There’s some good news on the local tourism funding front.
No, it’s not a restoration of state tourism promotion funding, though proposed state budgets from both the state House and Senate do include tourism dollars.
Yakima Valley Tourism, however, did get a small boost from a $7,100 grant from the Port of Seattle aimed to promote Yakima Valley wine country in several Western U.S. states, including California, Arizona, Nevada and Utah.
The grant will fund a digital marketing campaign promoting the ease of traveling to Yakima Valley’s wine region via the Seattle-Tacoma International Airport, hence the interest from the Port of Seattle.
The promotion is aimed at visitors who aren’t within easy driving distance to the Yakima Valley, said Jared Yoakum, Yakima Valley Tourism’s marketing manager.
Yakima Valley Tourism also hopes the effort will provide brand awareness of the region to older millennials (think late 20s to early 30s), and those in Generation X (those in their late 30s to early 50s) earning $150,000 a year or more. Both groups are potential visitors who have the means and interest to fly to the Yakima Valley and visit its wine region.
“They don’t have (as high of a) disposable income” compared to Baby Boomers, said Yoakum about millennial and Generation X consumers. “But they are drinking much more wine.”
Promotion will revolve around the Taste and Tote Program, which was launched as pilot program in 2012 and retained after there was initial success.
The program’s tagline, “Wine Flies Free From Washington Wine Country,” illustrates the key part of the program: Each passenger flying with Alaska Airlines from Yakima Air Terminal, Tri-Cities Airport and Walla Walla Regional Airport can check a case of wine free of charge (the airline’s baggage fee is typically $25). The program offers other perks, such as free tastings with an in-bound boarding pass.
While visitors have taken advantage of the program’s benefits, there is still room for growth. Yakima Valley Tourism estimates that in 2016, about 20 cases have been checked monthly. That’s about 0.3 percent of the 6,024 passenger average for Alaska Airlines flights out of Yakima for the same period. Yoakum notes, however, that the figure is a low estimate and Yakima Valley Tourism and Alaska Airlines are working on a more accurate and precise tracking method.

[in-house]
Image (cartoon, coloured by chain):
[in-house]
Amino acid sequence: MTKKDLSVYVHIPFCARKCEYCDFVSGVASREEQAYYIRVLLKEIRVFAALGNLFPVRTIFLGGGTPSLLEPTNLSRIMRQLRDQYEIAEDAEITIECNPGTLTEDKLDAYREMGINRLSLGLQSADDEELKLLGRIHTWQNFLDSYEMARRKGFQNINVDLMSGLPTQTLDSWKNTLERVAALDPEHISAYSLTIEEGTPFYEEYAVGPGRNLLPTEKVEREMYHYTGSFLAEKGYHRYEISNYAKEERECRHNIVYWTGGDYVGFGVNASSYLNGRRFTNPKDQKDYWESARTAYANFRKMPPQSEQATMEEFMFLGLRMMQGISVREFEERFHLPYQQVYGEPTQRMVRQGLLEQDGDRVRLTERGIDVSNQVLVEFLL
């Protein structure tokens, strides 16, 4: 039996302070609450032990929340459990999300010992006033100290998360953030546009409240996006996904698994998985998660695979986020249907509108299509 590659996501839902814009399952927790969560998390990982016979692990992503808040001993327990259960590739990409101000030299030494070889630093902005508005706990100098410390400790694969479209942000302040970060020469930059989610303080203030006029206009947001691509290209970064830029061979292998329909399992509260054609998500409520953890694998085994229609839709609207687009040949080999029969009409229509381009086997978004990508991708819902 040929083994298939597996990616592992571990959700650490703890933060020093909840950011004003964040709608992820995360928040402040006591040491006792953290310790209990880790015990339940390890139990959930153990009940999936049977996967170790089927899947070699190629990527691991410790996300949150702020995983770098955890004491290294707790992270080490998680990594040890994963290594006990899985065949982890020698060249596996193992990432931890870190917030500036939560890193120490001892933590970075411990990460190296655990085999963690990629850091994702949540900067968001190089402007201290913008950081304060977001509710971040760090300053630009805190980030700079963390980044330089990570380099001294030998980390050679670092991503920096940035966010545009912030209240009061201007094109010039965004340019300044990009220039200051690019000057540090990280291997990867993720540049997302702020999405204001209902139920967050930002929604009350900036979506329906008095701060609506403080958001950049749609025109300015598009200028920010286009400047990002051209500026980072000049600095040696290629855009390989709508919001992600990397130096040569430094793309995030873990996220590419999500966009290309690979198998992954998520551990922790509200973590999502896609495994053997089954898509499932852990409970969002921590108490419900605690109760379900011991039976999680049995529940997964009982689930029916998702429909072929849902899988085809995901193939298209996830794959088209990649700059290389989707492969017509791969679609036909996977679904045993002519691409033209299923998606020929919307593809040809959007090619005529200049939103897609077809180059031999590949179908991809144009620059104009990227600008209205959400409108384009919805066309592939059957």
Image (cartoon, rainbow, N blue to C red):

The digital campaign, which includes web banner ads and use of Google ad words — where advertisements come up when users search for certain terms — will start this month and go into the fall.
Yoakum said while it would be nice to see an increase in visitors as a result of the campaign, Yakima Valley Tourism is more focused on improving its reach to millennials and other key demographics as potential wine country tourists.
“It will allow us to shape our future marketing campaigns,” Yoakum said.
For Barb Glover, Wine Yakima Valley executive director, any effort or promotion making the Yakima Valley attractive to wine lovers outside the Pacific Northwest is a step in the right direction.
She likes that the campaign is targeting younger wine drinkers. While it’s important to maintain the core Yakima Valley wine consumer, which tends to be older, it’s also important to build loyalty with a new customer base.
Millennials “are the ones that will become the mainstay and the buyers” of Yakima Valley’s wines, she said.